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The prospect of freer trade with European nations is generally popular among Canadians. And why shouldn’t it be? Doesn’t the Canadian left repeatedly point to the advantages of many European social and economic institutions? Who could argue with lower prices for European cheese, wine, or chocolate? After all, we’ve been waiting for years for the […]
In a little noticed comment, Prime Minister Stephen Harper recently was reported to say: â€œDropping our tax rate has not caused the governmentâ€™s corporate income tax revenues to fall, which indicates that it does in fact attract business.â€ No one seems to have questioned his statement, even though it was made on the same day […]
Joe Oliver recently announced a Small Business Tax Cut, sorry, Job Credit. Economists across the ideological spectrum denouncedÂ it as poorly designed. This opened up an interesting opportunity for a national debate about what we want E.I. to be – coverage right now is at all time lows, and the accumulated deficit from the last recession […]
Recently, Minister Kenney took to twitter to defend his decision to limit the number of precarious workers entering Alberta through the Temporary Foreign Worker Program. Again, the minister is to be applauded for his grasp of the situation. His changes do little to fix the actual problem though. The evidence that he cited was the […]
A guest blog post from Mario Seccareccia and Louis-Philippe Rochon. After learning that the Canada Revenue Agency is auditing Â the Canadian Centre for Policy Alternatives Â on the grounds thatÂ it allegedly engages in politically partisan, biased and one-sided research activity, Â a number of university professors Â have drawn up an open letter asking the Minister of National […]
Posted by Wenonah Bradshaw under C. D. Howe Institute, Canadian Taxpayers Federation, Conservative government, Fraser Institute, Macdonald-Laurier Institute, petitions.
September 11th, 2014
This morning the Social Research and Demonstration Corporation released a new report about “motivational interviewing” for welfare recipients.Â The link to the full report is here, and the link to the executive summary is here. Authored by Reuben Ford, Jenn Dixon, Shek-wai Hui, Isaac Kwakye and Danielle Patry, the study reports on a recent randomized […]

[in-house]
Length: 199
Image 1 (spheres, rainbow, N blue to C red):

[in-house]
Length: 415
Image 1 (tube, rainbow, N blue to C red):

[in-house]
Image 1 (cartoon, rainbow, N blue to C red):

Posted by Nick Falvo under BC, Conservative government, employment, immigration, income, income support, Indigenous people, Job vacanices, labour market, migrant workers, poverty, skill shortages, social policy, temporary workers, unemployment, wages, workplace benefits.
September 11th, 2014
Here is the link to a piece I wrote for the Globe on line this week re an interesting new eBook on secular stagnation. Â I am struck by the fact that several eminently mainstream economists, mainly in the US but also Blanchard at the IMF,Â see a need for public investment to drive growth, given […]
Today Statistics Canada released their first set of job numbers since the ‘oops’ of July 2014. And the news was dismal. The labour market shed 112,000 private sector positions, the largest single month drop in the private sector since, well, forever. Coming on the heels of a mistake is unfortunate, but you have to think […]
Statistics Canada reported today that employers cut the number of employees by 98,000 in August, which was largely masked by 87,000 more Canadians identifying themselves as self-employed. As a result, the headline level of â€œemploymentâ€ â€“ which includes self-employment â€“ was little changed. Self-employment ranges from high-income professionals to people eking out a living doing […]
Labour market data in Canada is easily available by sex, age, and region. We spend a great deal of time talking about these factors. More recently Statistics Canada made labour market data available on CANSIM by landed immigrant status, going back to 2006. This factor is less often included in most labour market analysis, and […]